TEM micrograph of FeCu nanopowder showing chain-like features with branching and nodes

An interesting issue of fundamental importance is the formation of nanoparticle aggregates in a chain-like configuration. Such behavior was observed in all types of material, including metals and oxides.[2830] Tang et al.[30] in their article on the one-dimensional assembly of nanoparticles indicated several driving forces that can lead to template-free self-assembly forming chain-like agglomeration. Out of these, magnetic dipole moments and crystallographically oriented agglomeration are relevant to LGC. As stated earlier, the individual particles produced are single crystals. Because their size is smaller than the magnetic domain size of bulk iron, they are single domain, single crystal magnetic particles. Therefore, they can assemble along their magnetic axis. Because the magnetic vectors of the individual particles are oriented along certain specific crystallographic direction, the chains formed in the magnetic materials also may be referred to as crystallographically oriented agglomerates. The merit of magnetic dipole driven agglomeration is that each of the particles is associated with a magnetic field, which can exert a physical force on other similar particles that are present in, or enter, its magnetic field. When the particles come together, they align their magnetic vector before impingement. An attempt to prove the alignment of magnetic axis in the chain using TEM were unsuccessful because of beam drift. Because of the existence of physical forces in the agglomerate formation of magnetic particles, the growth rate of agglomerates is expected to be much faster than, crystallographically oriented growth alone. Because only the magnetic vector between adjacent particles is aligned, the grain boundary or interface has 1 degree of freedom (i.e., rotation about the magnetic vector), which remains unfixed. Therefore, they are twist boundaries, which are likely to have lower energy than general grain boundaries. This situation should result in a large dihedral angle between adjacent particles. The development of a thick neck between adjacent particles, as shown in Figure 7, supports this view.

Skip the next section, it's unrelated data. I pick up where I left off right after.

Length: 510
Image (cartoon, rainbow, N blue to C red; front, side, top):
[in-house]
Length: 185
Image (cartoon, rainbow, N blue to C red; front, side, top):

We believe that the agglomeration will occur in the blank zone. Heat transfer calculation (Appendix A) performed for a particle with a 36-nm diameter indicates that the particles cool to Curie temperature just 2 mm below the levitated drop in the blank zone. Because the particles forming the chain are generally around 30- to 40-nm diameter, they must cool to Curie temperature much sooner before reaching the end of the blank zone.


A nanopowder of 96Fe:4Cu was made by the levitational gas condensation method. The resultant powder was studied for physical, microstructural, and chemical characteristics. An attempt was made to understand the characteristics through a liquid–vapor phase diagram calculated using the available thermodynamic data, process modeling through heat transfer analysis, and magnetic nature of the powder.

The composition of the levitated drop giving out a vapor of 4-pct Cu in steady state matched well with the prediction of the calculated phase diagram. Though a high level of Cu at the surface of the powder is to be expected from the phase diagram, it takes a negligibly short time for complete homogenization because of the small size and prevalent high temperature. It was argued that the low surface energy of Cu is the major driving force that could stabilize Cu at the surface of the powder.

Modeling of the process involving heat transfer analysis, which indicated that most droplets can undergo solidification while they are still in the proximity of the levitated drop. During the period of residency close to the levitated drop, they can grow by intake of vapor. Once the particles start moving away from the levitated drop, they cool rapidly. Although agglomeration can initiate above the curie temperature, it proceeds rapidly below the curie temperature under the influence of the magnetic field of the particles. The chain-like structure formed, thus, occasionally can develop branching, leading to the formation of a reticulated three-dimensional sponge like structure that is responsible for the observed very low packing density of the resultant powder.


The authors acknowledge Dr. Sandeep Bysakh for his help with TEM investigation and Dr. Sankara Subramanian, DMRL, Hyderabad, for his help with developing a code for the numerical solution of the heat transfer problem.